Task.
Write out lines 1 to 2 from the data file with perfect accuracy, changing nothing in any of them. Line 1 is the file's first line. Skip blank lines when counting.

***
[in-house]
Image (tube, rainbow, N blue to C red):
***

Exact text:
[in-house]
Image (tube, rainbow, N blue to C red):